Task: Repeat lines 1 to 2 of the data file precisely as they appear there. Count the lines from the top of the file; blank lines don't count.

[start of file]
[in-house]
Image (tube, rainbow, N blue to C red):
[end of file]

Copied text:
[in-house]
Image (tube, rainbow, N blue to C red):